Helen is the name I gave to a homeless woman we met on a winter outreach delivery with my not for profit charity OPERATION CHILLOUT. She is a petite, quiet, deliberate woman, who spends much of her days traversing the streets of Dover in northern NJ. Homeless for many years, Helen had a striking appearance that December morning - intense deep eyes, oversized coat, her wig glistening from the icy frost of that bitterly cold day. Her dramatic presence spoke volumes to me and I tried to capture the inner suffering she endures all of her days on the street. Homeless people are with us in every city, town and village of the USA. Reaching out to offer them a hand up is what OPERATION CHILLOUT does best. I hope when you see my photo of Helen you do not shy away but rather see a little part of yourself in her sad eyes and soulful gaze.
Hard times, disappointments, betrayals seem to hang on for ages. Yet happiness, joy and hope are there too. In the midst of daily survival, a kind word, a smile a twinkle in the eye reaches out to assure that all is well and all will be well.
Fatherly, almost professorial, presenting strength, confidence and self assurance despite tough times. The inner light shines through the rough exterior like a beacon guiding lost ships safely to port.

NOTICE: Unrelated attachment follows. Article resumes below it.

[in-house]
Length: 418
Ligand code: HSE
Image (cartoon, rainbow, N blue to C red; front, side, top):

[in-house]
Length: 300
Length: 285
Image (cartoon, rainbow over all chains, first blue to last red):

Military life teaches discipline, team work and service above self. The Mission continues when a connection is found to the beloved, making all the difference . Setbacks, detours, frustrations all melt surrendering to each other - dignity at work.
How fragile the floor between darkness and light, optimism and despair. Tragedy always strikes when least prepared. Losing family is enough to throw a life of happiness into a hell of despair. Healing happens, wounds bind up, but memories endure. Peaceful, gentle power abides on the street of survivors
Wisdom and compassion, keys to enlightenment indeed and always just beneath the surface. Nothing to accomplish, only to become aware of whats already here. Strength, integrity, loving kindness always available for the taking.
Our best friend knows us better than we do ourselves. Senses our moods, wants, frustrated limitations and rushes to make it whole. "Service Animal " doesn't half describe the loyalty of the one who becomes the alter ego. Sharing tasks, defending boundaries, assuring that brokenness is never weakness.
Photo Reflections by Ray Chimileski
Founder/Executive Director OPERATION CHILLOUT homeless veterans outreach